Most people have heard about the various types of managerial power¬†within organizations. Yet, it still terrifies me when managers default to, and delight in, the use of coercive power. It’s equally as pointless as it is ridiculous.

For those who haven’t heard of coercive power, and as a reminder for those who have, I’ll give you a quick overview. Coercive power stems from the ability to administer both rewards and punishments. In an organizational sense, it typically refers to the power for a manager to threaten to, or actually deliver either discipline or allocate undesirable work tasks.

“Authentic leaders rarely, if ever, rely on coercive power to accomplish objectives.”

What’s unfortunate is that many new managers, and indeed some more experienced managers, think that coercive power is the only tool available. They jump at the opportunity to show off their power to discipline subordinates as if it’s some kind of trophy. And of course, employees respond absolutely negatively. In fact, there is practically no place for coercive power inside a healthy organization.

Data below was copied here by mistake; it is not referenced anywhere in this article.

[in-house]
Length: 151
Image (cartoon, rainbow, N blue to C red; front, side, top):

Authentic leaders rarely, if ever, rely on coercive power to accomplish objectives. Instead true leaders utilize referent power, or charisma, in combination with expert power. But it’s not that simple. You see, legitimate leaders understand power, but do not use it¬†consciously. Legitimate managerial power is less like a tool kept in your toolbox, and more like a wonderful cologne. You don’t pull it out and use it at specific times, it follows you around and lends you some real value without you even thinking about it.